February 2005, I submitted a novella to several publishers. I was collecting rejections at that point, and I fully expected to add more, nice but perfunctory thanks, but no thanks, letters to my collection. Two weeks later, I was offered my first book contract. That was fifteen years ago (that's ninety-three in dog years, which is how I count these days). I was thirty-six, working full time as a nurse while getting a second degree in English, my son had just turned ten, and I was caring for my dying father-in-law (he died in April 2005 when my first book was published), we moved from our home to take care of my mother-in-law, and then my own father died the next year in April, almost an exact year to the date. I was depressed and feeling like I had yoked myself.
In many ways, my writing in my thirties reflected my need to escape the stress of work, classes, and my first taste of being part of the sandwich generation (taking care of both a young child and an elderly parent). It was tantamount to domestic life escapism for me. I wrote about men and women with very few ties to family or community (because often I felt overwhelmed by the amount of responsibility I had to both, and it was a relief to leave them behind for a while, if only in story). The books were plot driven and heavy on the paranormal. Most of my characters were young, in their twenties, damaged but still hopeful, and still trying to figure out who they were--journeys of self-discovery.
In my forties, my stories were mostly about heroines in their thirties, usually going through some transition. They were a little more jaded, but still hopeful. They knew what they want and had a plan to get there. I also started migrating from romance into mysteries. In my personal life, for the first half of my forties, my son was graduating from high school, I gained a bit of weight, my mother-in-law's health was on a steady decline, and I was trying (but failing) to strike a balance between the all-consuming personal vs professional life. By my late forties, I had developed really strong female friendships, and they really played a part in advancing my heroine's growth. I can't tell you how many times I have felt rescued, uplifted, and supported by my BFFs. I also fell in love with animals again. I have two dogs, a beagle and pit bull, and two cats, a gray female and orange and white male, who I obsess over! Just check out my Instagram for proof that I stalk my animals. So, the dogs and cats started making it into my stories as well.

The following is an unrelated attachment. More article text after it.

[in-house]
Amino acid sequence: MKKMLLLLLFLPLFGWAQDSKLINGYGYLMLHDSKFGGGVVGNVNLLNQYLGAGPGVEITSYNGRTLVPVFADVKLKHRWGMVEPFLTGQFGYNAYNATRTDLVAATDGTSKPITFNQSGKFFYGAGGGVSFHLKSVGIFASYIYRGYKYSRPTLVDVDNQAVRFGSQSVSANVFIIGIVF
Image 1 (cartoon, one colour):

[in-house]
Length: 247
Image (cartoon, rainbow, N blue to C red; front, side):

Now, I'm fifty-one. This past year I had a total hysterectomy and salpingo-oophorectomy (basically I had uterus, tubes, and ovaries removed) in October 2019 (only three months ago!!), my mother-in-law passed away in December, and my son turned twenty-five years old. A quarter of a century! Writing it down makes me feel old. *laugh* But actually, I am emotionally in a good place. Something clicked after I turned fifty, and I am no longer searching for an identity. Even when a new crisis pops up, I'm calm, collected, and logical about how it should be handled. And once again, my writing is evolving into something that mirrors my life.
I am currently writing the first book in a new cozy mystery series, the Nora Black Midlife Psychic Mysteries, with a heroine who is fifty-one years old, who recently moved back to her hometown, lost her mother to brain cancer, and has just recovered from a hysterectomy. She is starting a new business and a new life, and she's really comfortable with herself. But when her best friend's abusive ex is found dead at the scene of a fire, her BFF is the main suspect, and Nora, who has developed an interesting psychic side effect from dying during surgery, has to figure out who the killer is. Friendship is centric in this cozy psychic mystery, as it is in my real life.
And there you have my author evolution from 2005 to 2020 as a wife, a mother, a care giver, and finally, a woman over fifty but feeling like she is getting a second chance at another beginning (thank heavens for hormone replacement therapy. *laugh*).
USA Today Bestselling Author, Renee George writes paranormal mysteries and romances because she loves all things whodunit, Otherworldly, and weird. Also, she wishes her pittie, the adorable Kona, could talk. Or at least be more like Scooby-Doo and help her unmask villains at the haunted house up the street.
When she’s not writing about mystery-solving werecougars or the adventures of a hapless psychic living among shapeshifters, she dons her superhero cape and rescues kittens. Okay, the kitten totally showed up one day and suddenly she’s got a new pet named Simon.
She lives in Missouri with her husband of 30 years and spends her non-writing time doing really cool stuff…like watching TV and cleaning up dog poop.
Check out Renee's books on her website and be sure to follow her on Twitter, Instagram, and Bookbub. You can also 'like' her page on Facebook and join her Reader Group, and to stay up on what's new, be sure to sign up for her Newsletter.
Listen to Renee George's podcast episode here.